One week ago today, Henry Paulson announced that federal efforts had "stabilized the banking system." On Wednesday a new panic rolled through markets, running to Treasurys. T-bills 90 days and shorter fell to 0.01 percent, and the 10-year T-note dropped from 3.61 percent to 3.01 percent. Few ran to mortgages: Rates fell briefly below 6 percent and are back there today. All ran from non-federal credits, dumping munis and corporates.

One week ago today, Henry Paulson announced that federal efforts had "stabilized the banking system." On Wednesday a new panic rolled through markets, running to Treasurys. T-bills 90 days and shorter fell to 0.01 percent, and the 10-year T-note dropped from 3.61 percent to 3.01 percent. Few ran to mortgages: Rates fell briefly below 6 percent and are back there today. All ran from non-federal credits, dumping munis and corporates.

In prior recessions, the fearful dumped stocks but bought IOUs of most kinds. The resulting cut in the cost of credit helped the economy to bottom. This Treasury separation from all other IOUs began in September, had not been seen since 1930, and marks terminal shortage of credit to the private sector.

The S&P 500 closed yesterday at 748. On Dec. 5, 1996, the day Alan Greenspan delivered his "irrational exuberance" speech, the close was 745. The old SOB knew what he was talking about after all. Too bad he forgot later on.

Why this new panic? Pending bankruptcies of GM and Chrysler. Understanding that Citibank will not survive as-is. The Fed forecasts GDP decline into mid-2009. New unemployment claims rose to 542,000 last week (the record was 700,000 at the tag end of the ’79-’82 post-war worst, and we’ll beat that in some miserable week next year).

All bad, but no surprise. This new panic, putting us right back where we were in the September shutdown, was the direct result of the Paulson-Bush decision last week to mothball administration rescue efforts. The announcement refused a new battle with Congress for access to the second half of the $700 billion TARP funding, and all in the markets knew they were back on their own.

Our economy — really the global economy, now — has been "in the grip of an adverse feedback loop" (quoting Janet Yellen, fine president of the San Francisco Fed). Credit defaults have cut credit availability, which has cut GDP, which has caused more credit defaults, which have cut credit, which will cut GDP … The Treasury market separation described above is the signal that the spiral cannot stop by itself.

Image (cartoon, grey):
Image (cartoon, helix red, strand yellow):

Only government can get in front of it and stop it. The application of infinite government resources must convince all economic players that their panic is self-defeating. Then it will stop and risk-taking will resume. Just 30 days of TARP effort had big effect, and then Paulson and Bush shoved all downhill again.

The resources of government are still available. I promise that the Fed was not a party to the Paulson-Bush decision and will not take a day or an hour off between now and inauguration. There will be a big fight between the money hosers (aggregate stimulus, checks in the mail, infrastructure spending, foreclosures …), Democrats controllable only by a new president; and the capital-injectors, who know that the only spiral-stopper is adequate credit — and who will prevail.

In soft times, both leadership and those led give priority to the trivial, ignore the substantial, and defer the critical. When times have been too easy for too long a terrible word comes into play: decadence. When times turn tough, that internal rot for a time prevents self-salvation. Only for a time.

Then the spectacle of decadence and the anger it brings to us, and at our own participation — that starts the turn. The three auto CEOs, private jets but no plans; Paulson and Bush; bankers taking public capital but making no loans and canceling old ones: credit cards, lines of credit, car loans, student loans … decadence personified.

Today on NPR, Chris Dodd, D-Conn., U.S. Senate Banking chairman and in ordinary times ego-bloated and obnoxious, revealed good judgment, serious intent and merciless fury. If I were a bank CEO or board member, I would today take off my toga, put down my grapes and goblet, and scramble on chubby legs to make loans.

As is said of another high authority, the wheels of Congress grind slowly, but they grind exceedingly fine.

Lou Barnes is a mortgage broker and nationally syndicated columnist based in Boulder, Colo. He can be reached at lbarnes@boulderwest.com.

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